If lead contamination is found, it is incredibly important to isolate the area and reduce potential for exposure (by preventing use of water fountains for instance). Once the exposure is contained, steps can be taken to resolve the contamination issue itself. Often, in the case of lead, an abatement contractor would need to come in and remove the lead-based paint, the materials that were painted, or the plumbing that is corroding and leaching lead into the water supply.

Radon

The second leading cause of lung cancer in the United States (second only to cigarette smoke), Radon is a hazard many people are still unaware of. A naturally occurring radioactive gas, Radon is a result of the breakdown of uranium in the soil. As this gas is created, it seeps up out of the soil and into homes, businesses, and schools through the building’s foundation. An odorless, colorless, and tasteless gas, Radon can then accumulate inside buildings without occupants even knowing. For this reason, regular Radon testing is incredibly important to ensure that buildings are safe.

Radon can be found anywhere. In fact, because it occurs naturally beneath buildings, Radon can even be impacted by geological changes and nearby construction. This means that a property that didn’t have a Radon issue a couple of years ago may find that it has a very high Radon level now. For large buildings, you may even find that rooms on one side of the building test low while rooms on the other side of the building test high. This is why it’s so important to test regularly so that Radon issues can be promptly addressed.

Resolving Radon issues is done through the installation of a Radon Mitigation System that vents the Radon gas above the roof line. For large buildings such as Schools, Radon Mitigation is often handled through changes to the building’s ventilation system which can bring in clean air to dissipate the buildup of Radon gas inside the building. A licensed Radon Mitigation Contractor is happy to review the needs of the building and determine the best course of action.

PCB's

Polychlorinated biphenyls, or PCB’s, are chlorine compounds that were regularly used in commercial buildings in caulks and in electrical apparatus such as lighting, transformers, and generators. While not commonly used today, PCB’s significantly extended the life of these devices and were extremely common at one time. In fact, caulk containing PCB’s may still be pliable and soft 50 years after the caulk was applied!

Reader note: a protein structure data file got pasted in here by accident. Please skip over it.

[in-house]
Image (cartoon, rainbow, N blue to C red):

Because PCB’s are so slow to break down, an accumulation inside individuals (as well as animals) has been observed. PCB exposure can cause rashes, acne, or even liver damage. While it is extremely rare for an individual to show such severe signs of exposure to PCB’s, they do represent a hazard that is important to recognize. In addition, PCB’s denote a potential environmental impact as they are so slow to break down and can leach into water supplies affecting fish and wildlife.

Abatement of PCB’s involves removing the affected building materials and replacing them with a newer product that does not contain PCB’s. Testing is important to determine what materials contain PCB’s and a plan of action can then be implemented by a professional in order to address the concern.

We hope you found this information helpful. As always, if you have any questions that were not covered here, please do not hesitate to Contact Our Offices. We’re happy to help!

Should you ever have a need of our Indoor Environmental services, please don't hesitate to let us know and we would be more than happy to take a look at it for you.